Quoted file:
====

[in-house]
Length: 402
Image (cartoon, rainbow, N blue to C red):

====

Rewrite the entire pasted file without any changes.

[in-house]
Length: 402
Image (cartoon, rainbow, N blue to C red):